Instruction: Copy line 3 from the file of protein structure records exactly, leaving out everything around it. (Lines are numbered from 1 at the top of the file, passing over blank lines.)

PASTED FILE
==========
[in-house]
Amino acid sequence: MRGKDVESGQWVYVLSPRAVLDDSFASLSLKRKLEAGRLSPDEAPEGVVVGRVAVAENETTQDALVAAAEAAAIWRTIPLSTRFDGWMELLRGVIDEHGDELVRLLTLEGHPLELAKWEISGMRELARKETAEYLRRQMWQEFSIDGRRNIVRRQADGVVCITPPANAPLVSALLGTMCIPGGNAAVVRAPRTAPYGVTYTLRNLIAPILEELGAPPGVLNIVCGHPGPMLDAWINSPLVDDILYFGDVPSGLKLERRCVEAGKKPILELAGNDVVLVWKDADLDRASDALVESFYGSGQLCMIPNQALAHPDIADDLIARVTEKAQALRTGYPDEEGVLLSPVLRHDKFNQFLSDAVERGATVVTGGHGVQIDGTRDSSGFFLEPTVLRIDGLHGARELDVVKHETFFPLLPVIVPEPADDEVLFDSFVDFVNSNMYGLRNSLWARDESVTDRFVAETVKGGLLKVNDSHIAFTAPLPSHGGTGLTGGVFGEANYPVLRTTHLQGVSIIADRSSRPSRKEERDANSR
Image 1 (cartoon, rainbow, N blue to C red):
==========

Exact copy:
Image 1 (cartoon, rainbow, N blue to C red):